Compare any two graphics cards:
GeForce 8800 GTX vs Radeon HD 5770
IntroThe GeForce 8800 GTX has a core clock speed of 575 MHz and a GDDR3 memory speed of 900 MHz. It also makes use of a 384-bit memory bus, and uses a 90 nm design. It is made up of 128 SPUs, 64 Texture Address Units, and 24 ROPs.
Compare those specs to the Radeon HD 5770, which has a clock frequency of 850 MHz and a GDDR5 memory speed of 1200 MHz. It also makes use of a 128-bit memory bus, and makes use of a 40 nm design. It features 800(160x5) SPUs, 40 TAUs, and 16 Raster Operation Units.
Power Usage and Theoretical Benchmarks
Power Consumption (Max TDP)
Theoretically speaking, the GeForce 8800 GTX should be just a bit faster than the Radeon HD 5770 overall. (explain)
Texel RateThe GeForce 8800 GTX should be a small bit (more or less 8%) faster with regards to anisotropic filtering than the Radeon HD 5770. (explain)
Pixel RateThe GeForce 8800 GTX is a small bit (about 1%) more effective at anti-aliasing than the Radeon HD 5770, and also should be able to handle higher resolutions more effectively. (explain)
Please note that the above 'benchmarks' are all just theoretical - the results were calculated based on the card's specifications, and real-world performance may (and probably will) vary at least a bit.
Please note that the price comparisons are based on search keywords - sometimes it might show cards with very similar names that are not exactly the same as the one chosen in the comparison. We do try to filter out the wrong results as best we can, though.
Memory Bandwidth: Memory bandwidth is the maximum amount of data (measured in megabytes per second) that can be transported over the external memory interface in a second. It is calculated by multiplying the card's bus width by its memory clock speed. In the case of DDR RAM, it must be multiplied by 2 once again. If it uses DDR5, multiply by ANOTHER 2x. The higher the card's memory bandwidth, the faster the card will be in general. It especially helps with anti-aliasing, HDR and high resolutions.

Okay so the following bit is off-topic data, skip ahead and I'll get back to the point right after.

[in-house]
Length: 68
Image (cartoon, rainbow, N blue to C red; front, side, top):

Texel Rate: Texel rate is the maximum number of texture map elements (texels) that can be applied in one second. This number is worked out by multiplying the total amount of texture units by the core clock speed of the chip. The better the texel rate, the better the video card will be at texture filtering (anisotropic filtering - AF). It is measured in millions of texels processed in a second.
Pixel Rate: Pixel rate is the maximum number of pixels that the graphics card can possibly record to its local memory in a second - measured in millions of pixels per second. The number is calculated by multiplying the number of Raster Operations Pipelines by the the core clock speed. ROPs (Raster Operations Pipelines - sometimes also referred to as Render Output Units) are responsible for outputting the pixels (image) to the screen. The actual pixel fill rate also depends on many other factors, especially the memory bandwidth of the card - the lower the memory bandwidth is, the lower the ability to reach the maximum fill rate.